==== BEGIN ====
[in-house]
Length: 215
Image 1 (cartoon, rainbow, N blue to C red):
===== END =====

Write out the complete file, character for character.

[in-house]
Length: 215
Image 1 (cartoon, rainbow, N blue to C red):